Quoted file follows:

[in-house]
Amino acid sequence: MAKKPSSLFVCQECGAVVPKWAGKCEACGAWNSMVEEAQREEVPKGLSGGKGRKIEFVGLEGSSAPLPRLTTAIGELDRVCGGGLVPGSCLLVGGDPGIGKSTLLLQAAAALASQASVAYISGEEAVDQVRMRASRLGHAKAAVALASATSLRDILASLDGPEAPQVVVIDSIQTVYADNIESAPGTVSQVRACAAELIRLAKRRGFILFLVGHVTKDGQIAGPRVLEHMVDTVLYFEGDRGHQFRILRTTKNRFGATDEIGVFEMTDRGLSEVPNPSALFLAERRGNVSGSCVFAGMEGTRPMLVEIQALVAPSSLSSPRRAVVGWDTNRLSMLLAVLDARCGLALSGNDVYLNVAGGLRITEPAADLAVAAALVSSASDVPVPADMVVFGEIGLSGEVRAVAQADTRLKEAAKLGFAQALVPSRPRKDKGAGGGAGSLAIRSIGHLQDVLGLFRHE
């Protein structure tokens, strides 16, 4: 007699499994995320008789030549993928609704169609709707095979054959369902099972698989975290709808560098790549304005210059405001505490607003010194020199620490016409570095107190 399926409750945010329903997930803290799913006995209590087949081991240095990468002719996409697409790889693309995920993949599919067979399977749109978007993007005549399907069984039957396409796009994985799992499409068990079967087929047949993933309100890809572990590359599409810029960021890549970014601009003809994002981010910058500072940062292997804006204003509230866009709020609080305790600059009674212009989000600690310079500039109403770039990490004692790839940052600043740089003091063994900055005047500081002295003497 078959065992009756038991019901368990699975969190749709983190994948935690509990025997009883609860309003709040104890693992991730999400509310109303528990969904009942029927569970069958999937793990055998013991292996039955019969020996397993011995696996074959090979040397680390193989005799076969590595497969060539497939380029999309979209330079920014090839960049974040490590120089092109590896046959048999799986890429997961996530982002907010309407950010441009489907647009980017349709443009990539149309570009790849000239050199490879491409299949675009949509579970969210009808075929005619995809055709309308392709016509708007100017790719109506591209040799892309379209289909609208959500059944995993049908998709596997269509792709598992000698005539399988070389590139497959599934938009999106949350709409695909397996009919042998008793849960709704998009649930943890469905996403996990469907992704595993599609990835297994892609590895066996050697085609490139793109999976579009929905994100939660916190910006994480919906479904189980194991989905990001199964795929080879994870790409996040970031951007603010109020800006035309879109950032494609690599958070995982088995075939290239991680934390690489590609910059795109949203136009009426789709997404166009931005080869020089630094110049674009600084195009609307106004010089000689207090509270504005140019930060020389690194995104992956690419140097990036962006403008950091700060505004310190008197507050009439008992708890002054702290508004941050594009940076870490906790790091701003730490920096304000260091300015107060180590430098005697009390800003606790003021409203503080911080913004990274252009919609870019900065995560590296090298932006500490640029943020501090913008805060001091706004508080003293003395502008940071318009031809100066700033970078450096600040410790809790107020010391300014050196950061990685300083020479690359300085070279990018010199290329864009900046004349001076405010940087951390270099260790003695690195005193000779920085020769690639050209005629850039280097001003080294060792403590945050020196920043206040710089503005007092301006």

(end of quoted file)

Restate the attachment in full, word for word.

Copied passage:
[in-house]
Amino acid sequence: MAKKPSSLFVCQECGAVVPKWAGKCEACGAWNSMVEEAQREEVPKGLSGGKGRKIEFVGLEGSSAPLPRLTTAIGELDRVCGGGLVPGSCLLVGGDPGIGKSTLLLQAAAALASQASVAYISGEEAVDQVRMRASRLGHAKAAVALASATSLRDILASLDGPEAPQVVVIDSIQTVYADNIESAPGTVSQVRACAAELIRLAKRRGFILFLVGHVTKDGQIAGPRVLEHMVDTVLYFEGDRGHQFRILRTTKNRFGATDEIGVFEMTDRGLSEVPNPSALFLAERRGNVSGSCVFAGMEGTRPMLVEIQALVAPSSLSSPRRAVVGWDTNRLSMLLAVLDARCGLALSGNDVYLNVAGGLRITEPAADLAVAAALVSSASDVPVPADMVVFGEIGLSGEVRAVAQADTRLKEAAKLGFAQALVPSRPRKDKGAGGGAGSLAIRSIGHLQDVLGLFRHE
């Protein structure tokens, strides 16, 4: 007699499994995320008789030549993928609704169609709707095979054959369902099972698989975290709808560098790549304005210059405001505490607003010194020199620490016409570095107190 399926409750945010329903997930803290799913006995209590087949081991240095990468002719996409697409790889693309995920993949599919067979399977749109978007993007005549399907069984039957396409796009994985799992499409068990079967087929047949993933309100890809572990590359599409810029960021890549970014601009003809994002981010910058500072940062292997804006204003509230866009709020609080305790600059009674212009989000600690310079500039109403770039990490004692790839940052600043740089003091063994900055005047500081002295003497 078959065992009756038991019901368990699975969190749709983190994948935690509990025997009883609860309003709040104890693992991730999400509310109303528990969904009942029927569970069958999937793990055998013991292996039955019969020996397993011995696996074959090979040397680390193989005799076969590595497969060539497939380029999309979209330079920014090839960049974040490590120089092109590896046959048999799986890429997961996530982002907010309407950010441009489907647009980017349709443009990539149309570009790849000239050199490879491409299949675009949509579970969210009808075929005619995809055709309308392709016509708007100017790719109506591209040799892309379209289909609208959500059944995993049908998709596997269509792709598992000698005539399988070389590139497959599934938009999106949350709409695909397996009919042998008793849960709704998009649930943890469905996403996990469907992704595993599609990835297994892609590895066996050697085609490139793109999976579009929905994100939660916190910006994480919906479904189980194991989905990001199964795929080879994870790409996040970031951007603010109020800006035309879109950032494609690599958070995982088995075939290239991680934390690489590609910059795109949203136009009426789709997404166009931005080869020089630094110049674009600084195009609307106004010089000689207090509270504005140019930060020389690194995104992956690419140097990036962006403008950091700060505004310190008197507050009439008992708890002054702290508004941050594009940076870490906790790091701003730490920096304000260091300015107060180590430098005697009390800003606790003021409203503080911080913004990274252009919609870019900065995560590296090298932006500490640029943020501090913008805060001091706004508080003293003395502008940071318009031809100066700033970078450096600040410790809790107020010391300014050196950061990685300083020479690359300085070279990018010199290329864009900046004349001076405010940087951390270099260790003695690195005193000779920085020769690639050209005629850039280097001003080294060792403590945050020196920043206040710089503005007092301006």